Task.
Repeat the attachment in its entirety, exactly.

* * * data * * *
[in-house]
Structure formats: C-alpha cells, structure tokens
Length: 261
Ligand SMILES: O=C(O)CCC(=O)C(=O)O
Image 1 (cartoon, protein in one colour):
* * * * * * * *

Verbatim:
[in-house]
Structure formats: C-alpha cells, structure tokens
Length: 261
Ligand SMILES: O=C(O)CCC(=O)C(=O)O
Image 1 (cartoon, protein in one colour):